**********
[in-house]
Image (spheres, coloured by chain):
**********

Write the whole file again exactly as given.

[in-house]
Image (spheres, coloured by chain):